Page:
risk of duplicating the ID fields from both tables.
More about this soon.
As you can see, figure 1 shows tblContacts, our existing table containing 15 records.  We are going to create an append query to add the 10 new records from tblMoreNames to the data already stored in this table.  You may have noticed that the field names contained in both tables are slightly different, and tblMoreNames has a Title field which tblContacts does not.  You may also have spotted that there is a risk of us attempting to append duplicate data from the CustomerID field of tblMoreNames.  Access would prevent this because the ID field in tblContacts is a Primary Key, so needs to be a unique value.   The simple solution to this, is for us not to include the customerId field (or anyother incompatible field)  in the append query.  As such, we shall just append data from the Initials and LastName fields of tblMoreNames to the FirstName and Surname fields of tblContacts.  Although the field names are slightly different, the data they contain is compatible, and for the purposes of this exercise, it is ok for us to append an Initial in place of a FirstName - the idea here is to demonstrate that the field names do not have to match exactly.

Creating an Append Query

Here is the procedure for creating the append query:
  1. Click the QUERY DESIGN icon (located in the OTHER group of the CREATE ribbon).   The QUERY DESIGN window then opens along with the SHOW TABLE dialog form.   
  2. The next step is to add tblMoreNames to the QUERY DESIGN window.  Do this by clicking ADD in the SHOW TABLE dialog form.  Notice it is the table containing the data to be appended that we have selected.
  3. Click the APPEND icon from the QUERY TYPE group of the DESIGN ribbon.  As you do this, you will see the APPEND dialog box open.
  4. You are now asked to select the name of the original table to which the new data is to be appended. So select tblContacts from the drop down list.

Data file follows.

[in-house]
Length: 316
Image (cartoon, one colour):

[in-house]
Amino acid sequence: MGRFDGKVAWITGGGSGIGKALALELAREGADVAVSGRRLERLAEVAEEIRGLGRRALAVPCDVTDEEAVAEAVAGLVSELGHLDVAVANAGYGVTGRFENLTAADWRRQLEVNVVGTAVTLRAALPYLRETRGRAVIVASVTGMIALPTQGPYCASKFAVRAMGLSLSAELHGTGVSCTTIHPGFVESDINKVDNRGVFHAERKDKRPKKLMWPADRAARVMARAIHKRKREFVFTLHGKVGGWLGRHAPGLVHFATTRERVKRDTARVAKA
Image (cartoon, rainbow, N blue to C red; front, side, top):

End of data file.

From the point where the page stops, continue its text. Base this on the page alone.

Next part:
5. You are also asked whether this table is stored in the current database or in an external database. In this exercise both tables are stored in the current database.  This is the default button displayed in the option group, so there should not be any need to change it.
  6. Click OK to close the dialog box.
  7. Next we are going to select the fields from tblMoreNames to be appended. To do this drag and drop the Initials and LastName fields from the table (in the top half of the window) down onto the design grid.
  8. Next we are going to tell Access which fields the data from Initials and Lastname will be appended to.  To do this go down to the APPEND TO row of the design grid (see figure 3 below), and select FirstName in the Initials column, and Surname in the LastName Column.
    Figure 3: The Query Design Grid.
  9. We could add query criteria at this stage, but this particular exercise does not require any.  If we did, however, this is added in the CRITERIA row just like it is with a select query. 
  10. If you want to view the data that is going to be appended, click the VIEW icon from the RESULTS group of the DESIGN ribbon.  It is especially important to do this if any if any criteria is applied in step 9 above.
  11. Once you are satisfied the correct data is going to be appended, click the RUN icon, again from the RESULTS group of the DESIGN ribbon.
  12. A dialog box opens informing us that 10 rows are going to be appended, and asking us to confirm that we want to go ahead with this operation.  Click YES to complete.
To see the result of our Append Query, re-open tblContacts.  

Figure 4: tblContacts after the
Append Query has been run.
We can now see the new records appended to the end of our original data.  Notice each of the newly appended records has been automatically allocated a unique ID number.  This, of course, is because the ID field in the original table had been set to the AUTONUMBER datatype.